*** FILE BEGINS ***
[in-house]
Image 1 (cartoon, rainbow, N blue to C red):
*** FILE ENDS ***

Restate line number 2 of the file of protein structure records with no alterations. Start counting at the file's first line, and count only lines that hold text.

Image 1 (cartoon, rainbow, N blue to C red):